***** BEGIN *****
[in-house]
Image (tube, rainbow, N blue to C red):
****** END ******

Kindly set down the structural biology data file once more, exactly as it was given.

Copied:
[in-house]
Image (tube, rainbow, N blue to C red):